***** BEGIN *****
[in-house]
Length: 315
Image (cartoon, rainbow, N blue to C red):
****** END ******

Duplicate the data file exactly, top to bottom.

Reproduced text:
[in-house]
Length: 315
Image (cartoon, rainbow, N blue to C red):